Interobserver and intraobserver reproducibility in digital and routine microscopic assessment of prostate needle biopsies Academic Article uri icon


MeSH Major

  • Biopsy, Needle
  • Prostate
  • Prostatic Neoplasms


  • Advances in whole slide digital imaging in the past decade necessitate validation of these tools in each organ system in advance of clinical adoption. We assessed reproducibility in reporting prostate needle biopsy parameters among urologic pathologists using routine and digital microscopy in a consultation/second opinion-like setting. Four urologic pathologists evaluated a single core level from 50 diagnostically challenging needle biopsy specimens by routine microscopy and whole slide digital imaging. Interobserver and intraobserver agreement were calculated for primary and secondary Gleason grades, Gleason score, tumor quantitation (percentage and size in millimeters), and perineural invasion. Interobserver agreement for routine microscopy was excellent for primary Gleason grade (κ = 0.72) and good for all other parameters (κ ranging from 0.36 to 0.55). Whole slide digital imaging assessment yielded similar agreement for all parameters. Intraobserver agreement for primary Gleason grade and Gleason score was very good to excellent for all pathologists (all κ ≥ 0.65 and ≥ 0.73, respectively). Size of tumor in millimeters consistently displayed higher levels of agreement than percentage of tumor across media and pathologists. Digital assessment of routinely reported cancer parameters on prostatic needle biopsy for a given scanned core level is comparable to that of routine microscopy. These findings imply that histologic interpretation using dynamic whole slide images may accurately simulate routine microscopic evaluation in the consultation setting. Implementation of whole slide digital imaging in these scenarios may significantly reduce the workload of large referral centers in the near future and impact the manner in which pathologists seek second opinion consultation on challenging cases.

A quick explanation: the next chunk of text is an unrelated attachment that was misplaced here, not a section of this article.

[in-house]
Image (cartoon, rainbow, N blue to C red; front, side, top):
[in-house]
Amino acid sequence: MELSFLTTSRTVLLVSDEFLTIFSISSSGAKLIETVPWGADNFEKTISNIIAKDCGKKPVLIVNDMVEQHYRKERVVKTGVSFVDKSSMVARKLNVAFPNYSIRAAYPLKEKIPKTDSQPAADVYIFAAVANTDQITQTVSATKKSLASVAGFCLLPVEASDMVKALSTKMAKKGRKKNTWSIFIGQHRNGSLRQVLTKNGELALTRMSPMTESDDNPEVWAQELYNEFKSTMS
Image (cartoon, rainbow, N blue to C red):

publication date

  • January 2011



  • Academic Article



  • eng

Digital Object Identifier (DOI)

  • 10.1016/j.humpath.2010.07.001

PubMed ID

  • 20970164

Additional Document Info

start page

  • 68

end page

  • 74


  • 42


  • 1